There are lessons we have
learned over the years that can be used to re-conceptualize social marketing
strategy to promote diffusion of product and service use as well as adoption of
1. Find sound innovations/solutions. Ones that meet
the criteria noted earlier and are relevant to people’s everyday lives.
2. Provide opportunities for Innovators to discover
3. Engage the curiosity of the Early Adopters.
4. Target the weak ties between Innovators and
Early Adopters through identifying the ‘boundary spanners’ who interact with
5. Promote the work of Early Adopters.
6. Create spanable social distances between groups
through various means including using social media such as social network sites
and blogs and convening meetings of the ‘unlike’ rather than the usual host of
7. Enhance the salience and attractiveness of the
‘positive deviants’ – the people who are already practicing the target behavior
or using the product and service; put the practitioners of ‘new’ behaviors in
contexts and situations that attracts imitation or modeling.
8. ‘If you can’t imitate them, don’t copy them.’ Expect and encourage reinvention.
9. Support time and energy for discovery, testing, networking, adapting, monitoring and preserving the past. Do not write off the traditionalists, especially when encouraging organizational change.
10. It starts with yourselves and your partners.
With respect to this last point, remember that highly linked and centralized coalitions are less likely to adopt new evidence-based public health programs than ones that are less dense and have more decentralized structures. What is important for adopting new practices and programs are 'boundary spanners' or individuals from organizations who are not tightly bound exclusively to the clique (or usual cast of characters). These are the people more likely to be open to innovation; the traditionalists have their own, seemingly immutable, point-of-view.Our challenge in the years ahead, whether it is in HIV prevention or the prevention of childhood obesity, is to apply in a deliberate and systematic way what we have learned from the evidence-base of diffusion research to achieve broad and sustainable change. It seems that very few policy-makers, behavioral change experts and public health officials know how to transform programs focused on individual behavior change to ones scaled for population impact. And few program directors and donors seem willing to take the risk that is inherent in moving from ‘the zoo’ of controlled experiments to ‘the jungle’ of people’s real lives. Social marketing provides us with a framework to fill this gap between knowledge and practice.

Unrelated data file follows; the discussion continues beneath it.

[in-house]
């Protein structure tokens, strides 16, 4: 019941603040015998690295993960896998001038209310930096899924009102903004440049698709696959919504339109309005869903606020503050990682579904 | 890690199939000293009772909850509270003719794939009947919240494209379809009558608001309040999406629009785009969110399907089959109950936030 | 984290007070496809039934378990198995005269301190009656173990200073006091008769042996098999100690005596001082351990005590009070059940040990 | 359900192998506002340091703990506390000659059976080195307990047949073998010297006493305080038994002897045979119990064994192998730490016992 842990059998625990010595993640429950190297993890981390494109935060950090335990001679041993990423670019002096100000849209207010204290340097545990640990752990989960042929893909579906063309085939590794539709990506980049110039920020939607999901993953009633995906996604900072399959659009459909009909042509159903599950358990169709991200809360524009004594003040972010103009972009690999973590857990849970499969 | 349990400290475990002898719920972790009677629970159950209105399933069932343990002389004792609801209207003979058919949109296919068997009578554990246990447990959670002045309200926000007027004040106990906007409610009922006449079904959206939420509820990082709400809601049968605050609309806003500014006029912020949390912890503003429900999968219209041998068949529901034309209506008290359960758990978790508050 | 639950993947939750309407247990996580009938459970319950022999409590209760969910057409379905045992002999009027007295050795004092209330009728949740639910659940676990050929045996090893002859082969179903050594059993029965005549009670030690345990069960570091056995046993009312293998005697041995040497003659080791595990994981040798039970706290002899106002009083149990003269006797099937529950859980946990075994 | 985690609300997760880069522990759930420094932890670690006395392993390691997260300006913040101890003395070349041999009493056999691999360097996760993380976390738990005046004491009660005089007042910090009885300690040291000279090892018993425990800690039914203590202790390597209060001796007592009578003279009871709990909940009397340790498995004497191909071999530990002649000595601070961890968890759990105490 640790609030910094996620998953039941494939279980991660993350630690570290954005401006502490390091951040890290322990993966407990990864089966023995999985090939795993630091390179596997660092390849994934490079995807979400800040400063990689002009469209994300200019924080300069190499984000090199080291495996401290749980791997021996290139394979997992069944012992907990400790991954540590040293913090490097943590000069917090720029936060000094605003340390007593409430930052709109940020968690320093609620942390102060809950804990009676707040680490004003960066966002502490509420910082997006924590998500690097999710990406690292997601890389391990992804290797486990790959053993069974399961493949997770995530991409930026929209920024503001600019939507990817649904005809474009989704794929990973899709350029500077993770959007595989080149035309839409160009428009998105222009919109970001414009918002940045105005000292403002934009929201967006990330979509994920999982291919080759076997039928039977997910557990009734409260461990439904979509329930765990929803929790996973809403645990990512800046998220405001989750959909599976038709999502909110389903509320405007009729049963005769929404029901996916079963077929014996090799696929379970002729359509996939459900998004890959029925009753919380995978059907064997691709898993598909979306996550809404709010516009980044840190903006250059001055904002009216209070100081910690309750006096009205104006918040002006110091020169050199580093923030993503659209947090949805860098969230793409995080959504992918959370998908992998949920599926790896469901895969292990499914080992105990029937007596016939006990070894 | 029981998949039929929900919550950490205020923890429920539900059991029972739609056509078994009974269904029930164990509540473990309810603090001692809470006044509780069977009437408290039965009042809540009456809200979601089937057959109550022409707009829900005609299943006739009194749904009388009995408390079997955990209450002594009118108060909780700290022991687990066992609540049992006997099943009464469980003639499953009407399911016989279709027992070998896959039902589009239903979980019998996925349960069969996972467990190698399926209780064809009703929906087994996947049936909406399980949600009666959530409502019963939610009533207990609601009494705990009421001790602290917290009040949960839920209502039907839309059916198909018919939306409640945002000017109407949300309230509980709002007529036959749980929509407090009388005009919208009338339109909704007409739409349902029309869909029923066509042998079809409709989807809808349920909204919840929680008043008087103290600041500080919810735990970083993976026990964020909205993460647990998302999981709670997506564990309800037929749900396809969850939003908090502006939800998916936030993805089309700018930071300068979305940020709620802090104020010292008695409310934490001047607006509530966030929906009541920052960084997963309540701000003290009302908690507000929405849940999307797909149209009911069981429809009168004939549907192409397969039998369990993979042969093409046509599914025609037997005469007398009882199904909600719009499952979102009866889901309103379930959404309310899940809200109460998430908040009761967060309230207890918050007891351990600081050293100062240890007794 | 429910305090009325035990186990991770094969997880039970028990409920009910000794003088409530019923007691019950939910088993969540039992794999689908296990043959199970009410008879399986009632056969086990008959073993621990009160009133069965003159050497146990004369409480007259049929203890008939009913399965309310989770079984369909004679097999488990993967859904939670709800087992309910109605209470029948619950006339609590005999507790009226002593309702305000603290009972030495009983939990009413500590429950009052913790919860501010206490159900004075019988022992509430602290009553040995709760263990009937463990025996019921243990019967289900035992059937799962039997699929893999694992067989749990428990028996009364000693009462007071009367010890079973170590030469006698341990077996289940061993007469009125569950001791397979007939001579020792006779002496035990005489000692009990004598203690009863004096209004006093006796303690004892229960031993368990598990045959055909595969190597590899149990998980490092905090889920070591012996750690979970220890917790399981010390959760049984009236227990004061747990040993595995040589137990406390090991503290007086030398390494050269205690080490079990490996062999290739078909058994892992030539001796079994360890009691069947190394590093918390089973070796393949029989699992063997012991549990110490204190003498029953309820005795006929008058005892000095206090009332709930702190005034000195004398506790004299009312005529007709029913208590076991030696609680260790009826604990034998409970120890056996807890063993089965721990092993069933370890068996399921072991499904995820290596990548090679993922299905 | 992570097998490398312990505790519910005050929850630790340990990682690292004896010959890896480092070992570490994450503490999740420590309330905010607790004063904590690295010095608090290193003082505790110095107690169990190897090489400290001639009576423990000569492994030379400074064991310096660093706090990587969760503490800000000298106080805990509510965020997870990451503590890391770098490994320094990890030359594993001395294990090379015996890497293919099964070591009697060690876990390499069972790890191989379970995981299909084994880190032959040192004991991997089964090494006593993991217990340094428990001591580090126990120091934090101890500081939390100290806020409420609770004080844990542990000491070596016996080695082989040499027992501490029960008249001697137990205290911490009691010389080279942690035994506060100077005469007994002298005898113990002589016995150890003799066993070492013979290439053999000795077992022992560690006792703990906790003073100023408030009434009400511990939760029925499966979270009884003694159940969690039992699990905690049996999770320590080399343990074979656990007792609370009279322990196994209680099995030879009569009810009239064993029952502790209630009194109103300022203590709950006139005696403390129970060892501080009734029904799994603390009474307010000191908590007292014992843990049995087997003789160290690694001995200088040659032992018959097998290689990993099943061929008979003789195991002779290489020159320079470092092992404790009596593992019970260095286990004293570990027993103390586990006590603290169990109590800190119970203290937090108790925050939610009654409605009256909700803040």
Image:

Global HIV Prevention Working Group. (2007) Bringing HIV prevention to Scale: An urgent global priority.
Lefebvre, R.C. (2001). Theories and
models in social marketing. In P.N.
Bloom and G.T. Gundlach (eds), Handbook of Marketing and Society.
Newbury Park, CA: Sage
Publications, pp. 506-518.
Maibach, E.W., Van Duyn, M.A. and Bloodgood, B. (2006). A marketing perspective on disseminating evidence-based approaches to disease prevention and health promotion. Preventing Chronic Disease [serial online] July.
Rogers, E. (1995). Diffusion of Innovations (4th
Ed). New York: The Free Press.
Valente, T.W., Chou, C.P. and Pentz,
M.A. (2007). Community coalition networks as systems: Effects of network change
on adoption of evidence-based prevention. American
Journal of Public Health, 97: 880-886.